Support WhoWhatWhy
FRESH TAKES | news, content and perspective you might not find elsewhere

“Coca-Cola plant” takes on a whole new meaning

Cool billboard, but Coke still ain’t good for you

We’ve got mixed feelings about the World Wildlife Fund, which has tended to excessive coziness with big corporations. But sometimes, something good comes out of that chumminess. For example, this:

Over in the Philippines, Coca-Cola and the WWF have teamed up to create a billboard that actually absorbs pollution. The 60-by-60-foot billboard is covered in Fukien tea plants. These bonsai trees suck up as much as 13 pounds of carbon dioxide each in a single year. Altogether, one billboard absorbs nearly 50,000 pounds of carbon dioxide, according to the botanist Anthony Gao.

The overall billboard is green too. The bonsais are held in 3,600 pots fashioned out of old coke bottles. The plants grow out, sideways. According to Adweek, the potting mixture comes from organic fertilizers and industrial byproducts.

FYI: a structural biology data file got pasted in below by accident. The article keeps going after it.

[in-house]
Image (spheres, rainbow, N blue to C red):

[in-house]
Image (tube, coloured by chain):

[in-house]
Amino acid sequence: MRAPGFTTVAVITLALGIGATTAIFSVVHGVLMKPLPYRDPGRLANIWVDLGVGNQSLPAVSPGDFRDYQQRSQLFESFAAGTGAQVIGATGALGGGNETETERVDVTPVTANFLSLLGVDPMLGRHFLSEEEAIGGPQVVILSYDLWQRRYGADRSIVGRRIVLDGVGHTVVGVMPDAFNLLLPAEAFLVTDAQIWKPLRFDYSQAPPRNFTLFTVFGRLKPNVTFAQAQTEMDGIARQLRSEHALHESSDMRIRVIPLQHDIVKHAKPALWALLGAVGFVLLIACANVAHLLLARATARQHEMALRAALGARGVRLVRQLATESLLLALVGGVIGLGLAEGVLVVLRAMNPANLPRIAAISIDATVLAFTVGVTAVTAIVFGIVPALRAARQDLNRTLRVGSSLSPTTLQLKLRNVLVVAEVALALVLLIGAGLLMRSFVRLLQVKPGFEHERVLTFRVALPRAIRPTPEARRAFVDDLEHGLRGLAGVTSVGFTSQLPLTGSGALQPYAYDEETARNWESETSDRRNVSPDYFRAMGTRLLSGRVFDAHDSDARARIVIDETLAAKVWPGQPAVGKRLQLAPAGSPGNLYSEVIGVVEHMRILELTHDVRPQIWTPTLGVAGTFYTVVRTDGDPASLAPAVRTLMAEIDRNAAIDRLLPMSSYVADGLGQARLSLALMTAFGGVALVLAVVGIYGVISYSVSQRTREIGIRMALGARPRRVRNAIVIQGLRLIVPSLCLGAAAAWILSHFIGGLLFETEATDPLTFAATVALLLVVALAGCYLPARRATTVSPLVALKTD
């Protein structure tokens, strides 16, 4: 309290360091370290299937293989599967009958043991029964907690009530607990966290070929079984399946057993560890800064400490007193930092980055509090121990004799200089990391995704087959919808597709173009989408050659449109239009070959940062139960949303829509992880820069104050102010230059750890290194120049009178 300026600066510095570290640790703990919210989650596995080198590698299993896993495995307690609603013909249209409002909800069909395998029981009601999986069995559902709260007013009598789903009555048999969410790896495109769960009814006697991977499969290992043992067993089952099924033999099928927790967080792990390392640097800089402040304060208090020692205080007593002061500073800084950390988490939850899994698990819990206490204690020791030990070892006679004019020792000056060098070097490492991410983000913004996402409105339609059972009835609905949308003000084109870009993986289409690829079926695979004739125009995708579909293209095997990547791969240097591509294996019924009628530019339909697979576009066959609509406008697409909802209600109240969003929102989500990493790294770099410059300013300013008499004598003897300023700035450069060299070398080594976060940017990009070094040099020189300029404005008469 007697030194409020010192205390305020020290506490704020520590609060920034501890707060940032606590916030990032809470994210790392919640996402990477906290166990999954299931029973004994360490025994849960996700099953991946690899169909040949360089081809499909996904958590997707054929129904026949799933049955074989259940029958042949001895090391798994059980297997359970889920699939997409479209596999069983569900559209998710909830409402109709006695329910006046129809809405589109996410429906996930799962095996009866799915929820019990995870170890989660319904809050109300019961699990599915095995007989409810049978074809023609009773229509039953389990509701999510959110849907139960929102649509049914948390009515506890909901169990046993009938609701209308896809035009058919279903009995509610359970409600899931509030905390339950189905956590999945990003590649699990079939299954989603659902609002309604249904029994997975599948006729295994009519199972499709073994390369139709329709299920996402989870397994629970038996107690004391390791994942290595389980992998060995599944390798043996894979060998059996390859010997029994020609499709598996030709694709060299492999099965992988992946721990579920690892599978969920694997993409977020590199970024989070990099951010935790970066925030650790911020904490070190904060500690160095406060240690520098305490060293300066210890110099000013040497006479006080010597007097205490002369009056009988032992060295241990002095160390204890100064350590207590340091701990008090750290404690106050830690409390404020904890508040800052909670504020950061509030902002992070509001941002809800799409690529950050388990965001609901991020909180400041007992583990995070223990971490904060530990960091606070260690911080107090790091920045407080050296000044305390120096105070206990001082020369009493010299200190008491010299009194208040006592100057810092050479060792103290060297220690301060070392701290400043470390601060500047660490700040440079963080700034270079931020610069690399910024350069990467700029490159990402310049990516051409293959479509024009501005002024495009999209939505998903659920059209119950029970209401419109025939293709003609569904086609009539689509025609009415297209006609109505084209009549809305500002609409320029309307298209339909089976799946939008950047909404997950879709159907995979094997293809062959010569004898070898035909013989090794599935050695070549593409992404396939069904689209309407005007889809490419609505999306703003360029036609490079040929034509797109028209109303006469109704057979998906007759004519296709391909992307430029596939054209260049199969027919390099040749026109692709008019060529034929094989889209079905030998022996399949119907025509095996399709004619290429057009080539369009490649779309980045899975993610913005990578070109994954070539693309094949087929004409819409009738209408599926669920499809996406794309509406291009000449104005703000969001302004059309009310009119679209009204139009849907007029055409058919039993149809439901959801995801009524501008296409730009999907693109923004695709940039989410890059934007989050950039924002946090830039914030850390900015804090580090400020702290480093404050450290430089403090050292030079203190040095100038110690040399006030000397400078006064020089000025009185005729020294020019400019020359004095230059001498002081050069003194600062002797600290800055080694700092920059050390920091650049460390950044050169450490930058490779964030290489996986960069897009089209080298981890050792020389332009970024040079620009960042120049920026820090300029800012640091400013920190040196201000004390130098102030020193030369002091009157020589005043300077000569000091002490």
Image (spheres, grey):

No explanation of why this happened first in the Philippines, or when we might expect Coke culture to begin soaking up the LA smog.

Anyway, we judge this way cool, and look forward to seeing whether the perennially competitive Pepsi will post billboards with twice the positive impact.

And by the way, we still hate billboards and crass consumerism.

Have a nice day.

 

 

GRAPHIC:  http://uploads.neatorama.com/wp-content/uploads/2011/06/green-billboard2-500×448.jpg


Comment Policy:
Keep it civil. Keep it relevant. Keep it clear. Keep it short. Identify your assertions as fact or speculation. No typing in ALL-CAPS. Read the article in its entirety before commenting.

Note: As a news site dedicated to serious inquiry, not a bulletin board, we reserve the right to remove any comment at any time, especially when it appears to be part of an effort to push a deceptive, unscientific, false or narrow ideological line. Posts that scapegoat by ethnicity, gender, religion or nationality will also be removed.
More in Criminal Justice, Fresh Takes, Our Investigations (143 of 818 articles)